Using Multisource Ratings in Promotion Decisions
Martha Lappin, Ph.D.Details:
U.S. Agency for International Development
Location: McCormick & Schmick's Crystal City
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“Appraising managerial potential is best accomplished by using the collective judgment of multiple assessors, rather than a single individual” (Fleenor and Brutus, 2000). Few managers or I/O psychologists would argue with this statement. So why is there so much controversy around proposals to implement this suggestion?
It seems to go back to the ambiguity surrounding “360 feedback” and our failure to clearly articulate and align the methods and purpose of this ever more popular concept. When organizations ask themselves how they can most effectively grow and develop their workforce, they often embrace the notion that input on skills, abilities and performance from multiple sources is valuable, and sharing this input or “360 feedback” with employees will produce the desired outcome – behavior change in the desired direction.
When organizations ask themselves how they can make better promotion decisions, or in other words, do a better job predicting future success in the organization, suddenly, input from anyone other than the one or two people who supervise the target individual becomes suspect, and organizations revert back to the overly cautious and poorly substantiated “360s should only be used for development” line. Dr. Lappin will explore the reasons for this, and outline the approach her team is taking at USAID to ensure that input from multiple sources, not just a single individual, is used to make important decisions about a Foreign Service Officer’s potential for success at the next grade.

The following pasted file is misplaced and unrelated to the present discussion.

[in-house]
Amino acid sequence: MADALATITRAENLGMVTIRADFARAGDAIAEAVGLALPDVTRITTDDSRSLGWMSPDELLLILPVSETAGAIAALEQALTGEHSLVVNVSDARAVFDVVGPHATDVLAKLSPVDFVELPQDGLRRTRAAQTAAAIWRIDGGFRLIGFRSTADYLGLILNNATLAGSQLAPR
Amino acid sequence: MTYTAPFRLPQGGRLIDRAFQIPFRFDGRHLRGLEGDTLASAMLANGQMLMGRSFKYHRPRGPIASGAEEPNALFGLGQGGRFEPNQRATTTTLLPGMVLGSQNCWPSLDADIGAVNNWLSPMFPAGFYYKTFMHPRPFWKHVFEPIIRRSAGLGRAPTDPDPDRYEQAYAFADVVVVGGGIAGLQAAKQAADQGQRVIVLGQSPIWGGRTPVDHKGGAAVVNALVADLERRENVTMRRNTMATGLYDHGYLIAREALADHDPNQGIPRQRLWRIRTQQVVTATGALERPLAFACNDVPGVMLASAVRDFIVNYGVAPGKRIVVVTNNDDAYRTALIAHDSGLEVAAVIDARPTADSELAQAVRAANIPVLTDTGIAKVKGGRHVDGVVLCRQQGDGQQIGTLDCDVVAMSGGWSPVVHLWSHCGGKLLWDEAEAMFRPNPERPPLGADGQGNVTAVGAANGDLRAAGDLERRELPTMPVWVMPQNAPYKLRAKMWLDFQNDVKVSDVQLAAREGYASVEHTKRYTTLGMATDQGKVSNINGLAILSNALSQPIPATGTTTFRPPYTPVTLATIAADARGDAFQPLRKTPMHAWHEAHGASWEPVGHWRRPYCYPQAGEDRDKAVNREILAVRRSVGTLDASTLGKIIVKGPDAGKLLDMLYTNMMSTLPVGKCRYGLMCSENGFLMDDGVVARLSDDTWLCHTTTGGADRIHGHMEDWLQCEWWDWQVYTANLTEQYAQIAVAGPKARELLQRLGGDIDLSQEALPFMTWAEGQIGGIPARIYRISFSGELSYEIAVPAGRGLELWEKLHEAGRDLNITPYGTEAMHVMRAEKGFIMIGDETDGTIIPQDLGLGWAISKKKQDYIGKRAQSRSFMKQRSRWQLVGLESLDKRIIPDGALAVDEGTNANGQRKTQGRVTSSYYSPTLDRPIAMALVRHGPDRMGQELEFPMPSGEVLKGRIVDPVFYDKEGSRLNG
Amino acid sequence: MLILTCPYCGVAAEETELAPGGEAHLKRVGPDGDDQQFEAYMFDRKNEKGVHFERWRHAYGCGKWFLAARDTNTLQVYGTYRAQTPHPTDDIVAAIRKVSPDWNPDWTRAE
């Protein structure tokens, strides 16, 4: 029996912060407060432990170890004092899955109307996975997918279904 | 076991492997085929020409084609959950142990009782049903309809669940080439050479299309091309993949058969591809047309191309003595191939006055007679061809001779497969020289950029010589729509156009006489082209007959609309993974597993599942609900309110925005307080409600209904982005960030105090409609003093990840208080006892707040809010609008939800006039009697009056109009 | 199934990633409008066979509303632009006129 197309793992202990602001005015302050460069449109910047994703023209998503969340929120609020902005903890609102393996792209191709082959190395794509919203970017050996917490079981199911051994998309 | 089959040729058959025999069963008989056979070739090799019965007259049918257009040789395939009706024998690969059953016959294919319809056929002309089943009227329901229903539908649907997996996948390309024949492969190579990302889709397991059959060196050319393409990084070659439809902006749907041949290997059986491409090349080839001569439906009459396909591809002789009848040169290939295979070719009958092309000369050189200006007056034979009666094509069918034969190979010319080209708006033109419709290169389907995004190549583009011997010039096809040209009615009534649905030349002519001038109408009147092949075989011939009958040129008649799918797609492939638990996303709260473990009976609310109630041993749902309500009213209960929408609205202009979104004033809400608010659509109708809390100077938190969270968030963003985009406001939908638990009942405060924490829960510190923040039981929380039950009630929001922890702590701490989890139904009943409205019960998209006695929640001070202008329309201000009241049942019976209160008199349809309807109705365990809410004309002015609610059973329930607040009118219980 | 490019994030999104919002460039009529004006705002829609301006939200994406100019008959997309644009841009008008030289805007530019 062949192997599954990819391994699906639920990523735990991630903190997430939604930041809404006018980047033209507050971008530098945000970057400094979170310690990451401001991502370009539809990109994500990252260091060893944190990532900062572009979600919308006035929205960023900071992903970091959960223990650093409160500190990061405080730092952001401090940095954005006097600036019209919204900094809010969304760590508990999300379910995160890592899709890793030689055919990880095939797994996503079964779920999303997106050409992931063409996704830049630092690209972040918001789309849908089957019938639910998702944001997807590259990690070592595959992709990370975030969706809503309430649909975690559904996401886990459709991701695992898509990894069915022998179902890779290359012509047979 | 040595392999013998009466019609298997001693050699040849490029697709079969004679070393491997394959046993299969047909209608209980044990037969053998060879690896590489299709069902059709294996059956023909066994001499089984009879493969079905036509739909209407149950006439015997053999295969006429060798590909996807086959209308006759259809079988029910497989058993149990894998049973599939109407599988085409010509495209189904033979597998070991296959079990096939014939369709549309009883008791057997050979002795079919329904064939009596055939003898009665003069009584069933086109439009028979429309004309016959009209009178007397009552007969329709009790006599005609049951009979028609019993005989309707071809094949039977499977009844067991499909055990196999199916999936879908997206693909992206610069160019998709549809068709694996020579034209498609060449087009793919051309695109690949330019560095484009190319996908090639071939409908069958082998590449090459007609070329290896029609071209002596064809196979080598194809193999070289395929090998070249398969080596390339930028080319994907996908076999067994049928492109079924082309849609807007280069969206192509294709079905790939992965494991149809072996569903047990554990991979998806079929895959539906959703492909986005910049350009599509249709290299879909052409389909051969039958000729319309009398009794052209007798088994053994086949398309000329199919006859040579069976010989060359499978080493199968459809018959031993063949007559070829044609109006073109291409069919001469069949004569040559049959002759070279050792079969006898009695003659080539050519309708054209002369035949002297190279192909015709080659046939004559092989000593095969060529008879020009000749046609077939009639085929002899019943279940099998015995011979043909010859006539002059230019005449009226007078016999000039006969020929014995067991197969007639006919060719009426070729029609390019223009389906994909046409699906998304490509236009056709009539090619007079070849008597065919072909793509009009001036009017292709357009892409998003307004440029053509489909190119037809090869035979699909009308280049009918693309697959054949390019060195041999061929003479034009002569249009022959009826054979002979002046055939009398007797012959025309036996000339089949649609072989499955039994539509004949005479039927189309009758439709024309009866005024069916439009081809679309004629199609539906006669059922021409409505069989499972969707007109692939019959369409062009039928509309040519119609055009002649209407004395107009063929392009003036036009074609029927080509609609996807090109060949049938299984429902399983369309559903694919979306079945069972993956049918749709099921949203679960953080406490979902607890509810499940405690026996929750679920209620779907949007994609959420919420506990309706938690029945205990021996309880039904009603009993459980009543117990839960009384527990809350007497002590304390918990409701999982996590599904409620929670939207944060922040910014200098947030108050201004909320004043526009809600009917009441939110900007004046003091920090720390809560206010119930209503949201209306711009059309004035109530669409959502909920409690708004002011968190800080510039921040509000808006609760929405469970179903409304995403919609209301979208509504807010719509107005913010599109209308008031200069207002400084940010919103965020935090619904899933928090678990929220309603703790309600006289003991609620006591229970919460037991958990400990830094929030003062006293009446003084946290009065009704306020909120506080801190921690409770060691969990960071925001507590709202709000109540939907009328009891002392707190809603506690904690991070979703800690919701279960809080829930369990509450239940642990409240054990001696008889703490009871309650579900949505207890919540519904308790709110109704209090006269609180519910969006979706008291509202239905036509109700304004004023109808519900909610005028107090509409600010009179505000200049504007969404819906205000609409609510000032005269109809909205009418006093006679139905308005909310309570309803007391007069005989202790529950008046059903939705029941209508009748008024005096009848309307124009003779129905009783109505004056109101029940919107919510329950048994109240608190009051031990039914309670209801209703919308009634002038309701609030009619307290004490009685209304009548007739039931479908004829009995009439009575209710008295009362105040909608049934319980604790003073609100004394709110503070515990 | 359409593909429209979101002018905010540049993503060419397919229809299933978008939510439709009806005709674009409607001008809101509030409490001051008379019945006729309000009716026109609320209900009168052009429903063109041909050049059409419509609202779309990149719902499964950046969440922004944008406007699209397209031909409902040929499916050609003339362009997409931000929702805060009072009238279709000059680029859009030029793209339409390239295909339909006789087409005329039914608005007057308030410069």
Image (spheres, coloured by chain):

Dr. Martha Lappin holds a doctorate in Industrial/Organizational Psychology from Michigan State University. She spent the first 15 years of her career as a research psychologist for the U.S. Army Research Institute for the Behavioral and Social Sciences (ARI), where she supervised a research team and managed a research program to enhance the assessment and development of Special Forces (SF) soldiers. She was honored with a Superior Civilian Performance Award from the U.S. Army Deputy Chief of Staff for Personnel for this work.
In 1997, Dr. Lappin left the government for the consulting world where she directed a large clinical research trial, conducted statistical analyses in large and complex survey and personnel databases, chaired an International Psychology graduate program, and designed and led leader development programs in public and private sector organizations. She also spent two years directing a large-scale, high visibility assessment of sexual harassment and sexual assault in Army training centers and operational units across the globe. The results were briefed at the highest levels of the Army and incorporated into the Army’s Sexual Assault Prevention and Response program.
Dr. Lappin returned to the federal government in April 2016 when she was hired by USAID to lead the Foreign Service Performance Management Redesign Initiative.